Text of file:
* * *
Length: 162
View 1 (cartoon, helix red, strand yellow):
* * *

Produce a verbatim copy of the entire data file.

Length: 162
View 1 (cartoon, helix red, strand yellow):